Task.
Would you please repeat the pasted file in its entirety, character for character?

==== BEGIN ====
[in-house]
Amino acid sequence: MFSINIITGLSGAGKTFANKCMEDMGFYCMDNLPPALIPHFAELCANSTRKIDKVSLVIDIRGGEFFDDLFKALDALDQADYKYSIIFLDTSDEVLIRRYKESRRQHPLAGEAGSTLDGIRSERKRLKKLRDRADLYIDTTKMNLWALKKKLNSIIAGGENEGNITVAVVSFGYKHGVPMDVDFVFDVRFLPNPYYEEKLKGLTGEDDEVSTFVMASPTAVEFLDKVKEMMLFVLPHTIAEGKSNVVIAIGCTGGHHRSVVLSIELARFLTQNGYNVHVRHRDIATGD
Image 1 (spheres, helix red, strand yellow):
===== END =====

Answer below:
[in-house]
Amino acid sequence: MFSINIITGLSGAGKTFANKCMEDMGFYCMDNLPPALIPHFAELCANSTRKIDKVSLVIDIRGGEFFDDLFKALDALDQADYKYSIIFLDTSDEVLIRRYKESRRQHPLAGEAGSTLDGIRSERKRLKKLRDRADLYIDTTKMNLWALKKKLNSIIAGGENEGNITVAVVSFGYKHGVPMDVDFVFDVRFLPNPYYEEKLKGLTGEDDEVSTFVMASPTAVEFLDKVKEMMLFVLPHTIAEGKSNVVIAIGCTGGHHRSVVLSIELARFLTQNGYNVHVRHRDIATGD
Image 1 (spheres, helix red, strand yellow):